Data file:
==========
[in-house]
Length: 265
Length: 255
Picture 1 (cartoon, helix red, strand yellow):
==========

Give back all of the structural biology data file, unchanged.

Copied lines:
[in-house]
Length: 265
Length: 255
Picture 1 (cartoon, helix red, strand yellow):